In a Nutshell
After the bomb went off, Hiroshima was transformed from a dull backwater city into a momentary vision of Hell. Among the horrors witnessed by survivors were the ‘ant-walking alligators’—creatures of the blast that seemed neither human nor animal, neither living nor dead.
The Whole Bushel
When the ‘Little Boy’ exploded 750 yards above Hiroshima during the Monday morning rush hour, no-one had ever seen anything like it. A great light filled the sky, a sound that could flatten buildings rolled across the city and 80,000 people died instantly. The statistics are rightly famous: up to 40% of the population dead, two thirds of the city destroyed and fires burning at 4,000C. But the experience of survivors in the immediate aftermath is less well-known, and far more disturbing.
In his book, Last Train to Hiroshima, Charles Pellegrino combed through thousands of eyewitness statements. Among the horrors of radiation poisoning and the initial firestorm, he uncovered one ‘creature’ unique to the atomic wasteland: the ‘ant-walking alligators’.
They had once been human. When the sky exploded, they’d had the misfortune to survive. Faces turned to the blast, the skin had been seared from their skulls; leaving only a black, leathery substance without eyes or features. All that remained was a red hole where their mouths had once been. They staggered about the outskirts of Hiroshima, avoided by other survivors – but the real horror was the sound they made. According to Pellegrino:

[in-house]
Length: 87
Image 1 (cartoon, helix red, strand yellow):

“The alligator people did not scream. Their mouths could not form the sounds. The noise they made was worse than screaming. They uttered a continuous murmur — like locusts on a midsummer night. One man, staggering on charred stumps of legs, was carrying a dead baby upside down.”
None of them survived for long. In most modern accounts of the bombing they’re noticeably absent. But the alligator people are a reminder of the human cost of our victory in the War – one we should never allow ourselves to forget.